Lake Vida in Antarctica is covered by an ice cap up to 27 meters thick, is six times saltier than sea water, and with an average temperature of −13 °C is one of the coldest aquatic environments on the planet. However, it is teeming with microbial life.
The scientists published their findings in the journal Proceedings of the National Academy of Sciences. Lake Vida is the largest body of water in the McMurdo Dry Valleys Antarctic desert and researchers drilling into the lake have found plenty of bacteria.
The researchers drilled into the lake twice, once in 2005 and again in 2010. Samples from both trips yielded around one-tenth of the abundance of cells found in freshwater lakes in moderate climate zones. Cells measured up to 1 micrometer in diameter, but contained more particles that were 0.2 micrometers in diameter.
Genetic analysis of the cells indicates that they are related to known types of bacteria. However, the scientists found one type that had no relatives, and may represent a new phylum. The scientists have not yet figured out how the bacteria produce energy. They could be living on dissolved organic carbon or they might use more exotic forms of energy. Bacteria in deep gold mines are known to survive on molecular hydrogen produced by the chemical reactions in the nearby rocks.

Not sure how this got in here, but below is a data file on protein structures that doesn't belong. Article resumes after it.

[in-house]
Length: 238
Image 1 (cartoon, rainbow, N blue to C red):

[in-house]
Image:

The ice cap over the lake grows higher as the melt water from surrounding glaciers flows over the ice, and refreezes. The isotope analysis of these particles indicates that the ice has been sealed for about 2,800 years, so any carbon in the brine must have been there at least that long.
There are no naturally occurring predators in the lake, and because the microbes are isolated, the cells might have switched to a biologically reduced survival mode, without cell division and reproduction, which could allow them to endure stress and harsh environments for a long period.
Since Lake Vida is sealed, it’s likely to be different in terms of geochemistry and biology from Antarctica’s subglacial rivers and lakes, which have been under the ice for millions of years. “It is another extreme place where life is found and it provides evidence of a different set of boundary conditions in which life can exist,” states Martin Siegert, a glaciologist at the University of Bristol, UK.
Reference: “Microbial life at −13 °C in the brine of an ice-sealed Antarctic lake” by Alison E. Murray [email protected], Fabien Kenig, Christian H. Fritsen, Christopher P. McKay, Kaelin M. Cawley, Ross Edwards, Emanuele Kuhn, Diane M. McKnight, Nathaniel E. Ostrom, Vivian Peng, Adrian Ponce, John C. Priscu, Vladimir Samarkin, Ashley T. Townsend, Protima Wagh, Seth A. Young, Pung To Yung and Peter T. Doran, 26 November 2012, Proceedings of the National Academy of Sciences.
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